In Section 2, we introduce Bayesian estimation results of the SV, SV-RV, and SV-CJ model using the MCMC methods through the OpenBUGS software. In order to ensure the convergence of the estimated parameters, 50000 iterations are performed on each parameter in the process of Gibbs sampling; by observing the orbit of the parameters iterations and the autocorrelation function, we found that after 10,000 iterations, the iterative process has converged. Hence, we anneal by using the first 10,000 samples and estimate the model by using the last 40,000 samples in this paper.

Table 2 lists the results of the Bayesian parameter estimation of the SV, SV-RV, and SV-CJ model, including the mean, standard deviation, MC error (the error of Monte Carlo simulation value), 95% confidence interval for the posterior, the median, and the value of the deviation information criterion (DIC) of the parameter estimation. Firstly, we analyze the results of Bayesian estimation of the SV and SV-RV model. The estimation value of the parameter β is close to 1, explaining that there is a strong persistence and autocorrelation with the return volatility of China’s stock market, in accord with mature capital markets (such as the US and UK) and emerging capital markets (such as South Korea and New Zealand). If the standard deviation and MC error of the parameter are small, the accuracy of the parameter estimation is much higher. In the SV-RV model, estimation of parameter is positive; its standard deviation and MC errors are relatively small and 95% confidence interval for the posterior does not contain the value 0, which proves that the prior logarithmic realized volatility has a significant impact on the current volatility. contains certain volatility forecast information. Comparing the DIC of SV model and SV-RV model, we find that the DIC of SV-RV model is smaller than that of SV model, which shows that the SV-RV model has a better measuring accuracy to the volatility and agrees with the research results of Koopman et al. [23] and Jacquier and Miller [26].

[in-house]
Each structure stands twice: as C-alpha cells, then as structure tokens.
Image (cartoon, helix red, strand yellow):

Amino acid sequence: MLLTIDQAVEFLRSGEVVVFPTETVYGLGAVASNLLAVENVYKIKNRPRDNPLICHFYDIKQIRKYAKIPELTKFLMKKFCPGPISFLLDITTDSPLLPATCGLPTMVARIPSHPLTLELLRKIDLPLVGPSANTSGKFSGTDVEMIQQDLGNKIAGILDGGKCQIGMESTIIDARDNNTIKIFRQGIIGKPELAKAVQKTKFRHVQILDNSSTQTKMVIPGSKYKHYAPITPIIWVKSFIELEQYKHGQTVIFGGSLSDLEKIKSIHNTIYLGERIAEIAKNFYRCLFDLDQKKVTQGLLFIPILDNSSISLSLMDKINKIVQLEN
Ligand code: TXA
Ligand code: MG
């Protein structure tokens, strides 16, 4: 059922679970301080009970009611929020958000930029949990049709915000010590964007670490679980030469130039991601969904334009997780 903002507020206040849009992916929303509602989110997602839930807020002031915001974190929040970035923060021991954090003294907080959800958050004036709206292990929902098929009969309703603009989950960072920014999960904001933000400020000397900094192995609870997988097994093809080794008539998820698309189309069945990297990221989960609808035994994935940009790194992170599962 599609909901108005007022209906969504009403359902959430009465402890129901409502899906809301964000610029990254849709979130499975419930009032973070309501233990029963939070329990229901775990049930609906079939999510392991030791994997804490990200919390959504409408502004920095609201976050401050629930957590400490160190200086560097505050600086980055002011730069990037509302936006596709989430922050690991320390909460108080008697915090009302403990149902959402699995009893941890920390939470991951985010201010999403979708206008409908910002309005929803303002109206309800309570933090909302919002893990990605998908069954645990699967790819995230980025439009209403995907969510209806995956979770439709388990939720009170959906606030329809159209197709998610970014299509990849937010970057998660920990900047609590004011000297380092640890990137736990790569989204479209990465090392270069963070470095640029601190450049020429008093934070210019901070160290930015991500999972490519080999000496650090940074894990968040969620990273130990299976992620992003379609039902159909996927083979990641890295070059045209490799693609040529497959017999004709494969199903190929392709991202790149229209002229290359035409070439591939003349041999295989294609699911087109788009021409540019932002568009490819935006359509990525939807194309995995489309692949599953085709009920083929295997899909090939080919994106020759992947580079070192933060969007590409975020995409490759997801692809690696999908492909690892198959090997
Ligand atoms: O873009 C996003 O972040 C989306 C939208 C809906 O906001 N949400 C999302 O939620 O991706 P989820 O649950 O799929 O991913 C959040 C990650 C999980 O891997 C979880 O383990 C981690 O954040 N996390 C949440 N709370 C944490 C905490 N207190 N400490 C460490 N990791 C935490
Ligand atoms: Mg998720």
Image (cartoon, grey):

tab2
Table 2: The estimation results of the SV, SV-RV, and SV-CJ model.

We focus on the estimation results of SV-CJ model; the coefficient of the logarithmic continuous sample path variation in the model is positive; its standard deviation and MC errors are relatively small and 95% confidence interval for the posterior does not contain the value 0, which proves that the prior logarithmic continuous sample path variation has a certain prediction on the current volatility. However, the coefficient of the logarithmic discontinuous jump variation in the model is comparatively large and 95% confidence interval for the posterior contains the value 0, proving that the previous logarithmic discontinuous jump variation has little effect on the current volatility. In addition, comparing the DIC of the models, we can find that the DIC of SV-CJ model is smaller than that of the SV-RV model, which shows that the SV-CJ model has a better measuring accuracy to the volatility and shows that adding the decomposition of the logarithmic realized volatility to the volatility equation SV model can improve the measurement capability to the return volatility. Therefore, when measuring the return volatility, it is more reasonable to use the SV-CJ, SV and SV-RV model.

4.3. Forecasting
4.3.1. In-Sample Forecasts